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Effectively, the only legitimate use of ESF funds to a recipient country is to pay the interest on bonds, which are mostly from EMU banks, at rates that cause these countries to increase their debt and under conditions that cause these countries to be ever less able to make the payments. So the "no bailout clause" combined with the "no repurchase of bonds at a discount clause" do one useful thing: the clearly show that the whole process shows that the mechanism is a means of laundering the transfer of money from various central banks to private banks sufficiently that it slips past most EPP and PES members.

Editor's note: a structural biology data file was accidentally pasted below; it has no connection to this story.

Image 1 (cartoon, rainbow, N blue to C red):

Why not just call the ESF and associated rules what it is: Bailout Laundering.

As the Dutch said while fighting the Spanish: "It is not necessary to have hope in order to persevere."

by ARGeezer (ARGeezer a in a circle eurotrib daught com) on Mon Apr 11th, 2011 at 11:41:04 AM EST
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